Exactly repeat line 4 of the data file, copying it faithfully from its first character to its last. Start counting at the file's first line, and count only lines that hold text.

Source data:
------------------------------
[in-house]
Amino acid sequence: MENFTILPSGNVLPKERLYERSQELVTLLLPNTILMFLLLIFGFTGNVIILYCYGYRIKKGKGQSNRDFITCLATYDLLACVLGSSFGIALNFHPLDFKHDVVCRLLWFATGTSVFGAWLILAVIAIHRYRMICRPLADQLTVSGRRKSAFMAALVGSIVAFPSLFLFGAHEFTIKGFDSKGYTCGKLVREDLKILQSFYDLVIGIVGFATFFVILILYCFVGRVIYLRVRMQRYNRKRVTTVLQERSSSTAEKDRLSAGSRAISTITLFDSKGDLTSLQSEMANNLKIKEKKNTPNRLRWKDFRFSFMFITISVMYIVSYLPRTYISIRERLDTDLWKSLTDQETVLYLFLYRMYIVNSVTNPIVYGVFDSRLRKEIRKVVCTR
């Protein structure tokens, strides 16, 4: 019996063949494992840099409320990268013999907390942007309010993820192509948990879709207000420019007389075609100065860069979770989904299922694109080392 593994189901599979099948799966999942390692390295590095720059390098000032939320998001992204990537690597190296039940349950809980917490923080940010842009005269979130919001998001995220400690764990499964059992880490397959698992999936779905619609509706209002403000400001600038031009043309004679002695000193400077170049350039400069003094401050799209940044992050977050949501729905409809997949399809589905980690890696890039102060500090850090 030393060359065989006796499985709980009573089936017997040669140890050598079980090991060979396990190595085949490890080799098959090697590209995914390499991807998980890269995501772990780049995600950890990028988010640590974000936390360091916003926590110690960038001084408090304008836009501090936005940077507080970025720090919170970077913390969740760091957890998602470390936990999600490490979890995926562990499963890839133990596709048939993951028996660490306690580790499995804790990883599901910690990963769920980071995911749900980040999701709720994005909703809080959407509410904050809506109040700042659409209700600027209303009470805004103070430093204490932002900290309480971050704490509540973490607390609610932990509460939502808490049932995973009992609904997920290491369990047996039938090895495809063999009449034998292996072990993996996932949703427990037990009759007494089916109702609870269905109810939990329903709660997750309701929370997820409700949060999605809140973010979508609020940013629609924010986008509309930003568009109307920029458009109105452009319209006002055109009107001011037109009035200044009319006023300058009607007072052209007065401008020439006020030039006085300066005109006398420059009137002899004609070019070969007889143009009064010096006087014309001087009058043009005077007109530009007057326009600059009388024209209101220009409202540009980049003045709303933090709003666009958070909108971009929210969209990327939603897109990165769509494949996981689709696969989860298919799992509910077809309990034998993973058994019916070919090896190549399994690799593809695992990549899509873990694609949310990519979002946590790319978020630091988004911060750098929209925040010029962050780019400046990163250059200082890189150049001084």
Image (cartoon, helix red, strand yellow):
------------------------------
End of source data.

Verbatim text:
Image (cartoon, helix red, strand yellow):